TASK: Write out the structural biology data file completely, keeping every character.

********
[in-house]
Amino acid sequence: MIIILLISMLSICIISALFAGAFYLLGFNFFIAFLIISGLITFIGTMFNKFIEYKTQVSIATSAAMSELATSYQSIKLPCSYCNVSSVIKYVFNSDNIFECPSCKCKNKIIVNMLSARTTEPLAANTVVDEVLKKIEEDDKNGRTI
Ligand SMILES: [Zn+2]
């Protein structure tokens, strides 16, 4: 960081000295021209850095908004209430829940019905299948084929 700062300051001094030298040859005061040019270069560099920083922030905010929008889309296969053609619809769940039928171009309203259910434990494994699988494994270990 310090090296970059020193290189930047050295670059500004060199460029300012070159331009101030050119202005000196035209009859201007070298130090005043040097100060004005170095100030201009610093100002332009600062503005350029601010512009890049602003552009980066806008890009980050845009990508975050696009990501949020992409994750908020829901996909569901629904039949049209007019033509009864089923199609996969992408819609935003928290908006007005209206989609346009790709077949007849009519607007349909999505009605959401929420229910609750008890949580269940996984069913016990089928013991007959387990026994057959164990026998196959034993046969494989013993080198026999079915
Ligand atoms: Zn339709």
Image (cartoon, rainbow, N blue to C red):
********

[in-house]
Amino acid sequence: MIIILLISMLSICIISALFAGAFYLLGFNFFIAFLIISGLITFIGTMFNKFIEYKTQVSIATSAAMSELATSYQSIKLPCSYCNVSSVIKYVFNSDNIFECPSCKCKNKIIVNMLSARTTEPLAANTVVDEVLKKIEEDDKNGRTI
Ligand SMILES: [Zn+2]
């Protein structure tokens, strides 16, 4: 960081000295021209850095908004209430829940019905299948084929 700062300051001094030298040859005061040019270069560099920083922030905010929008889309296969053609619809769940039928171009309203259910434990494994699988494994270990 310090090296970059020193290189930047050295670059500004060199460029300012070159331009101030050119202005000196035209009859201007070298130090005043040097100060004005170095100030201009610093100002332009600062503005350029601010512009890049602003552009980066806008890009980050845009990508975050696009990501949020992409994750908020829901996909569901629904039949049209007019033509009864089923199609996969992408819609935003928290908006007005209206989609346009790709077949007849009519607007349909999505009605959401929420229910609750008890949580269940996984069913016990089928013991007959387990026994057959164990026998196959034993046969494989013993080198026999079915
Ligand atoms: Zn339709």
Image (cartoon, rainbow, N blue to C red):